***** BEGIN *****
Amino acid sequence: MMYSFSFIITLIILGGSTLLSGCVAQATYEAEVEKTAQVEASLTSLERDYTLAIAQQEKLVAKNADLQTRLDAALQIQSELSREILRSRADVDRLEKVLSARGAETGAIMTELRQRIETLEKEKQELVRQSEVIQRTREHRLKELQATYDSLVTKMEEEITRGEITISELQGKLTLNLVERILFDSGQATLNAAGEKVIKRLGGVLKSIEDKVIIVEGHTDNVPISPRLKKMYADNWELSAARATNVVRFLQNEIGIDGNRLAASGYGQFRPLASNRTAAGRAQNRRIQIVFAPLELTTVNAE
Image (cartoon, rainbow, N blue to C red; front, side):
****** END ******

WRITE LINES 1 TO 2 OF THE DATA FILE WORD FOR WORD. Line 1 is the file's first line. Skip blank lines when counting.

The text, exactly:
Amino acid sequence: MMYSFSFIITLIILGGSTLLSGCVAQATYEAEVEKTAQVEASLTSLERDYTLAIAQQEKLVAKNADLQTRLDAALQIQSELSREILRSRADVDRLEKVLSARGAETGAIMTELRQRIETLEKEKQELVRQSEVIQRTREHRLKELQATYDSLVTKMEEEITRGEITISELQGKLTLNLVERILFDSGQATLNAAGEKVIKRLGGVLKSIEDKVIIVEGHTDNVPISPRLKKMYADNWELSAARATNVVRFLQNEIGIDGNRLAASGYGQFRPLASNRTAAGRAQNRRIQIVFAPLELTTVNAE
Image (cartoon, rainbow, N blue to C red; front, side):